COVID-19 will overshadow climate change and Brexit in future history books, say Brits
COVID-19 is the current event that will be of most interest to the historians of tomorrow, beating Brexit, climate change and the refugee crisis, 41% of Britons have said in a survey conducted by the Wolfson History Prize, the UK’s most prestigious history writing prize.
The results of the survey highlight the British public’s view of 2022 as a key year in history, with over 40% of those surveyed believing that the global pandemic will be the defining issue for historians when they study this period in the future.
Climate change was considered the next most historically significant issue, at 22%, while Brexit and the refugee crisis were not considered era-defining (at 11% and 3%, respectively).
To mark the 50th anniversary of the Wolfson History Prize this year, the survey asked the British public which decade in the past half century was most historically significant, with the 2020s coming out on top at 39%.
Despite the revival in 1990s culture among Generation Z, this decade was deemed the least historically significant at only 4%. However, those over 55 years old were six times more likely than their Gen Z counterparts to believe that the 1970s – the decade that saw the winter of discontent, decimalisation and the disbanding of the Beatles – was the most significant decade.
Looking at the importance of history more broadly, 81% of respondents believed that the study of history is vital to our future, allowing us to learn from people and events in the past. 65% of those surveyed believed that the relevance of history meant it should be studied in school until the age of 16. However, those who had most recently left education were most likely to disagree with this idea, with 27% of respondents aged 16-24 believing that history should not be compulsory to GCSE level.
The survey also showed that the classroom is not the only place to instil an interest in history – 62% of Brits reported that watching a historical drama had inspired them to find out more about the subject matter, demonstrating the importance of championing history in all formats.
In addition to these survey results, well-known historians, including Mary Beard, Dan Snow, and Antony Beevor, are lending their voices to the Wolfson History Prize 50th anniversary celebrations throughout 2022. Former winners and shortlisted authors, including 2021 winner Sudhir Hazareesingh, will also be supporting the prize’s anniversary year.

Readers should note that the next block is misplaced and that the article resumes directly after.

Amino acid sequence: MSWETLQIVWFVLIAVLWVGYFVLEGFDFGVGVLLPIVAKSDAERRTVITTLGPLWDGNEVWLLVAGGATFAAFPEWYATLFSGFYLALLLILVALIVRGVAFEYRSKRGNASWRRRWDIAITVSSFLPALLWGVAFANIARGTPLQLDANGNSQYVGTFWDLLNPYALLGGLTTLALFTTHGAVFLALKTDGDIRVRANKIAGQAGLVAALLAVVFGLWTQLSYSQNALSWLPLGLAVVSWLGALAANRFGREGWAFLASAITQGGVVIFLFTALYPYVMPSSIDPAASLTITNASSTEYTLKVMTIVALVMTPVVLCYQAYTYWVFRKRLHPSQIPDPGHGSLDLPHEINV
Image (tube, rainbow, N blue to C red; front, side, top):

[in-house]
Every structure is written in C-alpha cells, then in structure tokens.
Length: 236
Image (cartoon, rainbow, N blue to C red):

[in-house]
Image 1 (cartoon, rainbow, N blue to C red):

Activities for the Wolfson History Prize’s 50th anniversary will include events, features and other content to mark half a century of the UK’s most prestigious and valuable history writing prize.
Paul Ramsbottom, chief executive of the Wolfson Foundation, said: “As we reflect on the appeal of history to the British public, we are grateful to be joined by some remarkable historians who will be supporting the Wolfson History Prize 50th anniversary during this special year, from prize alumni to leading lights in the media and more. This year promises to be an exciting one for the Wolfson History Prize, and we look forward to bringing historical debate to more of the British public than ever.”
Winner of the Wolfson History Prize in 2009 for Pompeii: The Life of a Roman Town, Mary Beard, said: “I am delighted to be an ambassador for the Wolfson History Prize 50th anniversary celebrations. For half a century, the prize has done a wonderful job in showcasing history, and underlining just how important it is to encourage (and inform) the conversation between the present and the past — perhaps more important now than ever.
“I was honoured and excited to win the Wolfson History Prize in 2009 – it really is a tremendous affirmation to know that the ideas in your own area of study can spark public interest. Long may our discussions and arguments about history continue. They are after all as much about the future as about the past.”
The Wolfson History Prize, which celebrates its 50th anniversary in 2022, recognises outstanding works of historical non-fiction, ensuring history is accessible to all. During its history, the prize has awarded over £1.3 million to more than 120 historians, with winners including Mary Beard, Simon Schama, Eric Hobsbawm, Amanda Vickery, Antony Beevor, Christopher Bayly, and Antonia Fraser.
The Wolfson History Prize is run and awarded by the Wolfson Foundation, an independent charity that awards grants in the fields of science, health, heritage, humanities and the arts.